The sensors are ISO invariant to some extent but at some point the sensor or
ADC will saturate. I read an article comparing Nikon to Sony to Canon
(https://theslantedlens.com/2018/mirrorless-camera-comparison/) and in their
test they shot at one ISO and pushed and pulled the exposure knob. Nikon tended
to preserve the shadows and blow out the highlights while Sony preserved the
highlights but lost in the shadows. If one is to opt for the one ISO setting,
best to experiment with your specific camera. At some point you run out of
photons or fill the bucket too full.
The tradeoff with pushing ISO reminds me of shooting at the golden hours with
film. Depending on the scene, some scenes will work better with ISO + exposure
Some interesting Sony sensors, one with quad Bayer pattern, to increase dynamic
range with short and long pixel exposures. Maybe such a sensor will be even
more ISO invariant.
counting photons - WayneS
At 8/31/2019 10:18 PM, Moose wrote:
>On 8/30/2019 3:23 PM, Mike Gordon via olympus wrote:
>><<<If one uses ACR (LR or PS), distortion correction is not optional.
>>Yes, no option using ACR to turn off use of metadata corrections. I haven't
>>reviewed this in a couple years. Some corrections in metadata also include
>>CA and vignetting. Starting 2014 or slightly before, Panny lenses on Panny
>>bodies began including the CA correction metadata. DXO does NR on the RAW
>>data pre-conversion, but that is fully user controlled. Not clear how
>>clarity could be applied pre-conversion though some other aspects of the
>>image are baked into the RAW files:
>While this essay is a great resource, the title is a little misleading. Raw is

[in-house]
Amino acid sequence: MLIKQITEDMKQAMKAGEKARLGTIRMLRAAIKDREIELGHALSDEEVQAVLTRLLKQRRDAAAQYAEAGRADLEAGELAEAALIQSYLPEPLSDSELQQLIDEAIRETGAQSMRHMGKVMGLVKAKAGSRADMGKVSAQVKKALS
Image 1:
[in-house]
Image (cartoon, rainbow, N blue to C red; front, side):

>indeed Raw, but useless until converted into something else. The point is, I
>think, that the process is more interpretation than conversion. This is rather
>obvious if one uses different converters on the same Raw file. I can see
>people wanting to know which conversion is the CORRECT one, but the answer is
>both none, as there is no inherent converted result in the Raw file, and all.
>The interesting thing that's happened since this essay is improvements in
>sensor systems such that some cameras may be said to be ISO Invariant (over
>some range of ISOs). That is to say, the result of shooting at ISO 1600 is
>identical in shadows/noise to shooting at ISO 200 and increasing luminosity by
>three stops in processing.
>Quite remarkable is that this is true of some 1" sensor systems, such as the
>Sony RX100 and Panny ZS200:
>"The ZS200's sensor is essentially ISO invariant, so you can (in most
>instances) shoot at base ISO and increase the brightness several stops while
>processing the Raw image, with a minimal noise penalty. By keeping the ISO low
>the camera captures additional highlight data instead of 'throwing it away' at
>higher sensitivities by amplifying the signal. You can see similar results
>from the Sony RX100 IV, which has a more modern CMOS sensor. In turn, this
>gives some scope for underexposing a low ISO setting to protect highlights,
>then brightening later."
>They don't mention it, but this also means it will generally be possible to
>underexpose to maintain usable shutter speeds.
>This change makes some of the conclusions of Ctein's tests rather moot, as one
>may choose exposure arbitrarily and adjust "exposure point" and curve later,
>with no IQ penalty.
>What if the Hokey Pokey *IS* what it's all about?
>Themed Olympus Photo Exhibition: http://www.tope.nl/
Themed Olympus Photo Exhibition: http://www.tope.nl/